I proceeded anyway and selected all of the partitions from the image to restore onto the target disk but it leave leaves about 250GB of unallocated space because the target disk is larger than the source disk. I was unable to change the partition size of the C drive because it was not the last partition before the unallocated space.

So I looked at some Macrium help pages and did as they suggested by first just selecting the C drive partition to be restored. This allowed me to increase the size of the C drive partition, I selected the maximum unallocated space as suggested by the Macrium help pages. But then when I added the other remaining partitions to be restored I got an error saying there was not enough space on the target disk. Even if I just increase the C drive partition by 25GB of the 250GB unallocated space available I still get the same error message i.e. there is not enough space on the target drive for the remaining partitions.

I am now stuck with no real idea how to proceed!

Any suggestions would be very helpful.

Thanks.

Steve
 

USAFRet

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Mar 16, 2013
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Assuming you made an Image, you should be looking for a single file. Not a partition.
Named something.mrimg

For instance, a full drive backup I made last night of my C drive is labeled "D406A2868695CC11-00-00.mrimg"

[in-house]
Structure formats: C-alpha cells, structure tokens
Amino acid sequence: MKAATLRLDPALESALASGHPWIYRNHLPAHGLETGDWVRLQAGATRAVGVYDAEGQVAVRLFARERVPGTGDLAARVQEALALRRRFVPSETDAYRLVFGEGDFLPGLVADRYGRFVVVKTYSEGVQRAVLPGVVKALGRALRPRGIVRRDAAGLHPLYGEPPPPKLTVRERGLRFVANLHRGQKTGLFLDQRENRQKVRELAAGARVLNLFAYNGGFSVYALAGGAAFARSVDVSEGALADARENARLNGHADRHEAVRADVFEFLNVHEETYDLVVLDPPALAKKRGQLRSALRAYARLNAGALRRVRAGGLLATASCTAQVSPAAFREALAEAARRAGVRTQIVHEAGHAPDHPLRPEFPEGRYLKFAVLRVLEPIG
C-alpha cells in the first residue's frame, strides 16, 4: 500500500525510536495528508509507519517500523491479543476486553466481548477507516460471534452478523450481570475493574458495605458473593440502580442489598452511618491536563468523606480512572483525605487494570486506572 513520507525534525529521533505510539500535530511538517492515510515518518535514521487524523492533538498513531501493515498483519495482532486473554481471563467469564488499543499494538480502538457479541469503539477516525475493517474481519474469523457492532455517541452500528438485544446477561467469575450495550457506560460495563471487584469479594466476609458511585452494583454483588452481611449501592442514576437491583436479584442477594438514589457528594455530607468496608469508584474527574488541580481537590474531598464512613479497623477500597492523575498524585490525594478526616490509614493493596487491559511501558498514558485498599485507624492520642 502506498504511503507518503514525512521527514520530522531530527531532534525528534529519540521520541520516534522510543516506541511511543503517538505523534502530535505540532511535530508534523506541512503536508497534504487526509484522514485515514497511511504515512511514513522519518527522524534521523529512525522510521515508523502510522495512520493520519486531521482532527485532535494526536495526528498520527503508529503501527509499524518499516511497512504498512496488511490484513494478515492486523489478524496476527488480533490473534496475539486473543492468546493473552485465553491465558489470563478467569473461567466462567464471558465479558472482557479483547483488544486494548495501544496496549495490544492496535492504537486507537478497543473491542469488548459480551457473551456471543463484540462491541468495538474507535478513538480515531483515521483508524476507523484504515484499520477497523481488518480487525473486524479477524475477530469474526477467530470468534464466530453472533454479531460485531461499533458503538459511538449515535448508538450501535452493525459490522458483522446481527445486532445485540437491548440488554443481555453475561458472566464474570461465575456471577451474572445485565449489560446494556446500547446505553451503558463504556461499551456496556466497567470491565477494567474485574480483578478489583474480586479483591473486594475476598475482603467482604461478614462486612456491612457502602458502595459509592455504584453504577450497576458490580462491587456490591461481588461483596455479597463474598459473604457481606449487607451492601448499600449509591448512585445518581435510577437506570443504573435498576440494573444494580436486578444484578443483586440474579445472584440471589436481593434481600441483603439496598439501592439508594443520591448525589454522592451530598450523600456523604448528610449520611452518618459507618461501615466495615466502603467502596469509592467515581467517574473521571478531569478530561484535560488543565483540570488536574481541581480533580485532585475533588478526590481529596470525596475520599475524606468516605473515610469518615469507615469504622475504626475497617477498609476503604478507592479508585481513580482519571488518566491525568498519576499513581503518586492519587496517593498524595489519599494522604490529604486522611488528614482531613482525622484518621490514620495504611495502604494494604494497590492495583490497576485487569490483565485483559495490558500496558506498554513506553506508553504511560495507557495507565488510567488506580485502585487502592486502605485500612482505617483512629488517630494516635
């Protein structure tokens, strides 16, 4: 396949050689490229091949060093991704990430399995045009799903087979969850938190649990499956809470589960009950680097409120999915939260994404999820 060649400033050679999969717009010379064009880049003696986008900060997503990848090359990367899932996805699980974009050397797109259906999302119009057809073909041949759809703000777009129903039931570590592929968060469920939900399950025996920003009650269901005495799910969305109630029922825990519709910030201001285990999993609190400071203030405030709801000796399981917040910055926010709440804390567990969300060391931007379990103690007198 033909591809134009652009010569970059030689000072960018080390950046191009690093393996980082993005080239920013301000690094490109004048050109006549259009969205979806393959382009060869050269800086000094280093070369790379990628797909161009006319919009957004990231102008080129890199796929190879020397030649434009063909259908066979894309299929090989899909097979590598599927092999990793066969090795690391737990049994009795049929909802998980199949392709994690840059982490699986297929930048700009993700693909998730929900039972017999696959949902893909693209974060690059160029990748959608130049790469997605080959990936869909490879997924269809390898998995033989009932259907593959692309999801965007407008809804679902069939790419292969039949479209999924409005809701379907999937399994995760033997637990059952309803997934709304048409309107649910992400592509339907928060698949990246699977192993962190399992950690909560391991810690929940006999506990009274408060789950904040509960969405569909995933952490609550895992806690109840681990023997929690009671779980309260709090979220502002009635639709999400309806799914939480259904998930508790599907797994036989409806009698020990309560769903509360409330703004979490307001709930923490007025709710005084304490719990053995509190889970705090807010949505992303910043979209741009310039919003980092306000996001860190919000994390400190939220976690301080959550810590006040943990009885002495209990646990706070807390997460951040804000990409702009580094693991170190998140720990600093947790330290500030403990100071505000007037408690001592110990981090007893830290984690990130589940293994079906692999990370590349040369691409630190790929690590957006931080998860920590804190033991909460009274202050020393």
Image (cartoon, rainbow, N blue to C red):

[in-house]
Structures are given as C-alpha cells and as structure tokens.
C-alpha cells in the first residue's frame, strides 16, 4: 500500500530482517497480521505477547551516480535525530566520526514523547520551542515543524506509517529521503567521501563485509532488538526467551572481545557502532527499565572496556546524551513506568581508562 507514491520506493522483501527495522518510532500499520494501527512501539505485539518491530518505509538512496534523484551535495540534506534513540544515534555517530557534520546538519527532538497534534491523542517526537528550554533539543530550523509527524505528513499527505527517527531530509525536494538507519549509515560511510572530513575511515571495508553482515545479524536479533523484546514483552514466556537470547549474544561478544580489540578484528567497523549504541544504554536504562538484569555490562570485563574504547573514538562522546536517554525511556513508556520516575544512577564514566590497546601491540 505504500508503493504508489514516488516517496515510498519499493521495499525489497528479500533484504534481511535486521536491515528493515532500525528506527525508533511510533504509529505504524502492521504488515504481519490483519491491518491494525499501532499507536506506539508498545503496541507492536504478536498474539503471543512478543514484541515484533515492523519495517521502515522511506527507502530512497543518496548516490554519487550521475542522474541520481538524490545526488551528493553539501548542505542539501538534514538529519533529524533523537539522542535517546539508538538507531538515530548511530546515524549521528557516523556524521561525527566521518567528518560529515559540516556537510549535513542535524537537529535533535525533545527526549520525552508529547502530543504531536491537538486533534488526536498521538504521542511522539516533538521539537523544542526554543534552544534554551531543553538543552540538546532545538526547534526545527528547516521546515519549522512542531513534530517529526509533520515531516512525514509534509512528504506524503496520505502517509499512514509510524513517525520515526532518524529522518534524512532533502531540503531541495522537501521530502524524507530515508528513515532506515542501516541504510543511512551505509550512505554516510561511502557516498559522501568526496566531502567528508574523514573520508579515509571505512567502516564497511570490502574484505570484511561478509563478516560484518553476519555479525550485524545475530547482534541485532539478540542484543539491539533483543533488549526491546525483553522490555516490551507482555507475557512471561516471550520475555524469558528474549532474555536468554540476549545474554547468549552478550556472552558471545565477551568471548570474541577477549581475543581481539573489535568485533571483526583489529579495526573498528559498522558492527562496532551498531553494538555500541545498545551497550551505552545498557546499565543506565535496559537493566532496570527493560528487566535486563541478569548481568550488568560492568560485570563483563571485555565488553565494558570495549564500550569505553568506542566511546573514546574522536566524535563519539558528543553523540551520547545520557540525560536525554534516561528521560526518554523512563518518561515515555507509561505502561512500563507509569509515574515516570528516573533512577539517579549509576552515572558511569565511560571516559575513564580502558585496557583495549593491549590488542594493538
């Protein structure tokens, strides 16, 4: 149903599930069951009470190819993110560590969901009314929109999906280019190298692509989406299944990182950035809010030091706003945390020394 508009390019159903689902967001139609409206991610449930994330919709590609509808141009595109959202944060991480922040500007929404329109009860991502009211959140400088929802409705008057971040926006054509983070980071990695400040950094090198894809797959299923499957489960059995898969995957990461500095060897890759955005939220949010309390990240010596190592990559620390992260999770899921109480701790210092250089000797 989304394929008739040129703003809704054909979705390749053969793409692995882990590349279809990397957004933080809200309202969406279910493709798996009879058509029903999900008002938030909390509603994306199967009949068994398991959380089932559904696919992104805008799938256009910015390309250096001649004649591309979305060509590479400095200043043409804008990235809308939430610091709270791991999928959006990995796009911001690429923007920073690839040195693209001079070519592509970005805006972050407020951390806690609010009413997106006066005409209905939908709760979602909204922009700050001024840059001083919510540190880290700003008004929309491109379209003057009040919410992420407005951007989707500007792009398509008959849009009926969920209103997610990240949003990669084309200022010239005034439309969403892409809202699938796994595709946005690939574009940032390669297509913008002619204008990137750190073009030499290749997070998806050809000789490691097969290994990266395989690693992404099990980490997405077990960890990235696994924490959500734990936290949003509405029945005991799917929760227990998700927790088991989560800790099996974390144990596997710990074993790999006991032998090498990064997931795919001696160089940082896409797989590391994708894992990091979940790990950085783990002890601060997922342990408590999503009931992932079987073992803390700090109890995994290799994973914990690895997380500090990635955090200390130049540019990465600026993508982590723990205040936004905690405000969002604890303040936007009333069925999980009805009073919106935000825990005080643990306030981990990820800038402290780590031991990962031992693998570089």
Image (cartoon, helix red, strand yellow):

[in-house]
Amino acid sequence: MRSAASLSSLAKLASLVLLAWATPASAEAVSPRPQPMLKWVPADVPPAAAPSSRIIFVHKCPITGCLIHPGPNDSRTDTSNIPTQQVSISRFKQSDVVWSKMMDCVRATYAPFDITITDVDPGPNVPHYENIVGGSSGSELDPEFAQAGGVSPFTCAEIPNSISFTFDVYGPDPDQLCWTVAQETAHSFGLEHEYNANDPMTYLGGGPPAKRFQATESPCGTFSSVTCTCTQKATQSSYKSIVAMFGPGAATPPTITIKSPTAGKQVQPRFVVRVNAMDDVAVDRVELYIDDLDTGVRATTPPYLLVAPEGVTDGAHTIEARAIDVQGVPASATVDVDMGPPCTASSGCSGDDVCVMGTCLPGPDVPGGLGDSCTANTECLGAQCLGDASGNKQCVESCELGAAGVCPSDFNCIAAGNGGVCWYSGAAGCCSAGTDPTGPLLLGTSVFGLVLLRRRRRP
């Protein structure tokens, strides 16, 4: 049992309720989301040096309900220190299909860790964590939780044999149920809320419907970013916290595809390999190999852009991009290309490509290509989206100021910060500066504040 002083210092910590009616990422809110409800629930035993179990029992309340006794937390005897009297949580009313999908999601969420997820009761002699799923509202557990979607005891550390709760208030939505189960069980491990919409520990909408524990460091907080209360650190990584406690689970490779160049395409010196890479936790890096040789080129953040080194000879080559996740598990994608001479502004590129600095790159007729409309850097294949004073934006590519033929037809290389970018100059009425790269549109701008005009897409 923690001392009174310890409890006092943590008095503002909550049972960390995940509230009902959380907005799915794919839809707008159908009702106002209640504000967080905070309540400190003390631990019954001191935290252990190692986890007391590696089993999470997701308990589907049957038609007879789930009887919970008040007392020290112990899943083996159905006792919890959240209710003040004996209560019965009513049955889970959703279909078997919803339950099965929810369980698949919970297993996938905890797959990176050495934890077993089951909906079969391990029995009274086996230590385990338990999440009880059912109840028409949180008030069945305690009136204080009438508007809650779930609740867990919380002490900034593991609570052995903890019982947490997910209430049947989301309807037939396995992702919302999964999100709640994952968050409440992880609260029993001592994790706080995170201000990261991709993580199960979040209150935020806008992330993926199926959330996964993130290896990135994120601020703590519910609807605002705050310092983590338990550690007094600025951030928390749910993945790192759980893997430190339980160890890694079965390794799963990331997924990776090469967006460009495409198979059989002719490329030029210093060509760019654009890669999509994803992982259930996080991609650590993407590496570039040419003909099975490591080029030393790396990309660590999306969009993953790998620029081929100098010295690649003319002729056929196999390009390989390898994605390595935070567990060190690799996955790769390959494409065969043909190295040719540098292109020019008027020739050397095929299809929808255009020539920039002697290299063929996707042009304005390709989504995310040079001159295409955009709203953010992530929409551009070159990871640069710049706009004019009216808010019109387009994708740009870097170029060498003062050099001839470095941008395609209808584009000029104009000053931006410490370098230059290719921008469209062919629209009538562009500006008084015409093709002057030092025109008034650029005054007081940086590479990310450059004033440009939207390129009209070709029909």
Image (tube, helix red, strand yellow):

You should NOT need to mess with partition sizes on the new drive.
That new drive needs to be one single large partition.
 
Jun 22, 2019
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I have checked my existing SSD and it has 6 partition as follows:

  1. ESP FAT3 (LBA) Primary size 500MB used 63.8MB
  2. Unformatted Primary size 128.0MB used 128.0MB
  3. OS (C) NTFS Primary size 224.87GB used 172.22GB
  4. WINRETOOLS NTFS Primary size 471.0MB used 406.0MB
  5. Image NTFS Primary size 11.46GB used 11.30GB
  6. DELLSUPPORT NTFS Primary size 1.07GB used 730.0MB
The image file created consists of 40 files, the first file is named 1EF06C92D427DEFC-00-00.mrimg and then the last two digits of each file goes up by one digit. 39 of the files are 4GB each (something to do with a FAT32 file size restrictions?) and the last one is 115GB.

Does this help at all?

Thanks for your efforts to help me, it's really appreciated.

Regards,

Steve
 

USAFRet

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You've done something very weird in the creation of that Macrium Image.
Selecting all the partitions on your current drive, it should have resulted in a single large file.

This is an Image of my C drive from last night:
 
Jun 22, 2019
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OK thanks, I wont take up anymore of your time., you have been very helpful.

I think I will start again and create a new rescue USB and image file.

Regards,

Steve
 

popatim

Titan
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I suspect his external 1tb drive is formated Fat32 and cannot store anything greater then 4GB which is why Macrium split the image up into pieces.

If the stuff on the external is not important you can reformat it to NTFS or ExFat to resolve the file size issue.